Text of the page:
You may find yourself confused about the differences between kingsnakes and milk snakes. This is partly caused by the fact that many former milk snake subspecies have now been reclassified as a kingsnake species.
Simply put, milksnakes are one species that belong to the wider genus of kingsnakes. This means that all milk snakes are kingsnakes, but not all kingsnakes are milk snakes.
About the Genus
All kingsnake species belong to Lampropeltis which means “shiny shield” in Greek.
This is because of the smooth, shiny, and unkeeled scales that mark this genus.
King snake is the generic name for members of this genus. Milk snakes are a specific species, Lampropeltis triangulum.
There are currently 24 recognized subspecies of the milk snake. This genus was given the common name of kingsnake because they eat other snakes.
This includes venomous snakes such as rattlesnakes. These snakes can even consume snakes that are longer than them by bend their prey’s spine. They are also more muscular than many other constrictors.
There are many species of kingsnake, including some like the scarlet kingsnake (Lampropeltis elapsoides) that were once considered to be one of the milksnake subspecies.
This has added to the confusion that surrounds these snakes. Older literature may still be using the old name for a species. We will go into some differences that set apart the many subspecies of milk snakes from the other members of the kingsnake genus.
One thing to note is that milk snakes can interbreed with other species of kingsnakes to produce hybrid offspring. This can make identifying snakes in the wild tricky in areas where multiple Lampropeltis species are found.
Milk snakes typically have bands of color in white, red, yellow, and black.
The exact appearance will depend on the subspecies. Most of these snakes mimic the color of the coral snake to ward off predators. This is called Batesian mimicry. You can also find animals that have blotches instead.
This is common in areas where blotched venomous snakes like the timber rattlesnake are common. In captivity, you can find many more colors and patterns than you would see in the wild.
Kingsnakes have a variety of colors, including solid colors or banded. The scarlet kingsnake also mimics a coral snake, but the eastern kingsnake is typically a solid black & yellow as an adult.
You can find kingsnakes with stripes, bands, or solid colors. They can be black, orange, brown, or yellow depending on the species. Captive-bred kingsnakes also come in a number of colors.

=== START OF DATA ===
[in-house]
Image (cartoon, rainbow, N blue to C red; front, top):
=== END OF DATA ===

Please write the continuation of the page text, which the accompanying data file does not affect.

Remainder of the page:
Milk snakes are typically between 14 and 69 inches depending on the subspecies. None of the subspecies found in the United States and Canada get any larger than 51 inches.
A milk snake is typically smaller than most kingsnakes.
This makes them a bit more popular as pets since they are easy to handle. Kingsnakes are much more variable. The scarlet kingsnake rarely gets past 4 feet, while an eastern kingsnake can reach 7 feet with a maximum of over 8 feet. The whole genus is typically fairly slender since they are active predators.
Kingsnakes are all a New World genus. They can be found in much of North and Central America with a few species having ranges that cross into the northern portions of South America.
They can be found in nearly any habitat, from rocky mountain slopes to lowland rivers and marshes. They are also found at many elevations, from mountains to coastal areas.
Milk snakes are also widespread. They can be found in the same areas, including ranging from Quebec all the way down to Venezuela. This makes it one of the most widespread species of snake.
Milk snakes are typically happy in a wide range of habitats, though they do frequent structures like barns because they visit looking for rodents to eat. Since these animals are all in the same genus, most of the differences will be noticed if you compare animals from wildly different natural habitats. A California kingsnake will be very different from a Central American subspecies of milk snakes.
Milk snakes and kingsnakes as a whole are known for being docile snakes in captivity. In the wild, they exhibit many defensive behaviors that are common to all members of the genus.
For instance, musking and shaking the tail to mimic rattlesnakes are common, particularly in areas with a rattlesnake species. Both milk snakes and kingsnakes favor rodent prey, but they will eat nearly anything they can catch. These snakes eat rodents, lizards, eggs, and even other snakes.
Smaller species of kingsnake will eat primarily frogs or lizards as hatchlings before moving onto larger rodent prey as adults. Milk snakes share a similar diet.
The exact diet will vary by the area and time of year. During spring, bird eggs and chicks can be a common addition to the diet, while they may primarily eat mice or voles the rest of the year.
Milk snakes are typically nocturnal and will brumate with other snakes.
Many kingsnakes share this communal brumation, but not all species. Most species are nocturnal, but a few species such as the California kingsnake are notably diurnal.
Everything you need to know about caring for Milk Snakes in captivity:
Read our Milk Snake Care Sheet (Complete Guide)
Milk snakes and kingsnakes share much in common, they can even interbreed. The biggest differences come between snakes from different natural habitats. If you have any thoughts or questions, be sure to leave them below.